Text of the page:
Mainland Chinese shares slipped again after Beijing moved to reassure investors that it would continue efforts to stabilise the country's troubled equity markets.
The Shanghai Composite was down 2% at 3,649.37 in mid-day after sliding 4% lower at the start of trading.
The benchmark index had closed 8.5% down on 27 July - the largest one-day fall since February 2007 - on the back of disappointing manufacturing data from the world's second largest economy.
Investors were also unsettled by reports that the state-backed China Securities Finance Corporation (CSFC) had begun returning money it borrowed from commercial lenders ahead of schedule.
"The authorities picked an inopportune time to float a trial balloon about scaling back market support operations," Tim Cordon, head of research Asia for ING Bank, was quoted as saying by Reuters.
"Lesson learned: sentiment manifestly remains fragile. We expect a show of force from the authorities today to ensure the market closes higher."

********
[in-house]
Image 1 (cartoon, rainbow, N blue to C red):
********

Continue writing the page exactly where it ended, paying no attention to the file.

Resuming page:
Earlier, the CSFC announced it would continue to purchase Chinese equity, "dispelling rumours that the national margin trading service provider has backed off from stabilising the stock market", the Xinhua news agency reported.
The People's Bank of China also pledged to invest CN¥50bn (£5.2bn, €7.3bn, $8.1bn) into the money markets, according to Reuters.
Stock markets elsewhere in the region rallied to the fresh measures from Beijing, with Hong Kong's Hang Seng index climbing 1.2% to 24,643.60 points after closing down 3% in the last session.
Tokyo's benchmark Nikkei rose 0.2% to 20,401.14, while South Korea's KOSPI was also up 0.2% at 2,042.67 points.
In Australia, the S&P/ASX200 benchmark was broadly unchanged at 5,585.50.